Obvious eludes the Fed
The Fed spoke, and everyone listened.
But if anyone expected good news, they walked away disappointed. In a shocking announcement, the Federal Reserve lowered its economic growth forecast. Wow, didn’t see that coming.
A few columns ago, I joked that Fed Chair Ben Bernanke was acting like a politician. With each passing day, it seems less of a joke. To summarize the Fed’s message: This year sucks, but next year will be better.
The Fed’s consensus growth forecast was lowered from 3.2 percent to 2.8 percent. Note that in January, the Fed expected 3.9 percent growth. In April, it lowered its outlook to 3.3 percent. Perhaps the strategy is to lower the forecast in small increments in the hope that no one will notice.
But cheer up. The expectation is for improved growth as we approach 2012 – for what that’s worth. Someone should tell Ben that the election isn’t until next year, so he shouldn’t count on any artificial stimulus to juice the economy in this second half.
The cause of the latest downgrade: temporary events. Not transitory, but temporary.
Somebody has been hitting their thesaurus. Japan has become a useful scapegoat. Supply chain disruptions were cited, particularly as they relate to the auto industry. I didn’t realize that our somewhat anemic auto sector could have such an impact on overall economic growth.
The turmoil in the Middle East was also mentioned. Notwithstanding the price of oil, if Middle East turmoil could materially affect our economy, we wouldn’t have grown a lick in the last 40 years.
Nowadays, speculators have more to do with gyrating oil prices than OPEC, and sometimes governments. In a politically motivated tactical move, the U.S. and 27 other countries agreed to release 60 million barrels from strategic reverses. The desired response occurred immediately: Oil prices almost dropped below $90. As welcome as this may be, it isn’t the purpose of the SPR, and its impact will be fleeting.
The true solution isn’t to mainline oil into the system. It’s to prohibit parasitical speculators from profiting at the cost of society. The world needs to identify specific commodities as strategic and simply ban speculation of them.
The fact that there’s no chance of that happening makes you wonder where politicians’ priorities lie. Well, not really, just follow the money.
Anyway, back to the Fed. The scariest part of its latest revelations is illustrated by this statement:
“We don’t have a precise read on why this slower pace of growth is persisting,” Bernanke said. “Maybe some of the headwinds that had been concerning us – like weakness in the financial sector, problems in the housing sector, balance sheet and deleveraging issues – some of these headwinds may be strong or more persistent than we had thought.”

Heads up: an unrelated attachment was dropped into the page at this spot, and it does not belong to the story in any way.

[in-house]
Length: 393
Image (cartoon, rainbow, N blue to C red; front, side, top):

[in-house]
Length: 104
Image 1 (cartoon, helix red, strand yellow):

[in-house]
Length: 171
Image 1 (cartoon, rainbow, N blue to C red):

Really, Ben? Why are you struggling to grasp the obvious? You’re a world-renowned economist and the head of the most powerful Central Bank in the world. You have degrees from Harvard and MIT, and taught at Stanford and Princeton.
Oh, I just answered my own question. You haven’t lived in the real world since you were a child.
How out of touch are these people that they can’t connect the dots? If these guys were playing “Wheel of Fortune,” they couldn’t guess the puzzle if they were given 25 of the 26 letter of the alphabet.
Has the Fed drunk the Kool-Aid? Do they actually believe that as the stock market goes, so goes the economy? QE2 may have pumped up stock prices, but it did bupkis to correct the myriad underlying problems that are inflicting the majority of pain on Main Street.
I’m not even suggesting that the Fed has any better options. It doesn’t. As frightening a prospect as it may be, the ball is in Washington’s court.
And they should forget about trying to prop things up in the present. Rather, they should focus on creating a foundation for the future. Lord help us.
Housing is what it is. The domicile debacle has resulted in behavioral changes that will prolong the agony. Homeownership is no longer a priority. And the urge to trade up to ever bigger homes may never burn again.
It will be years before all the foreclosures and excess inventory are flushed from the system. That doesn’t mean there won’t be “green shoots” scattered throughout the country. But generally, don’t be shocked if prices remain depressed for many more years.
And it won’t be pleasant, considering that most Americans have historically derived most of their wealth from their home. Ben: That’s why propping up the stock market hasn’t appreciably affected consumer spending, except for luxury goods.
Yes, the rich have gotten richer, again. They’ve been made whole, while average Americans are left to dig out of the hole on their own.
The Fed’s only option is to keep interest rates low and wait for Congress and the White House to do their jobs. And they’d better act quickly, because there are at least two more “temporary” events looming. China’s economy is about to hiccup and Greece is poised to leave many European banks in ruins.
Author, professor, entrepreneur, and radio and TV commentator Tony Paradiso can be reached at firstname.lastname@example.org.